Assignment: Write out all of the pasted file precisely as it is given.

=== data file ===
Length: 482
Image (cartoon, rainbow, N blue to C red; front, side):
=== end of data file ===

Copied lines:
Length: 482
Image (cartoon, rainbow, N blue to C red; front, side):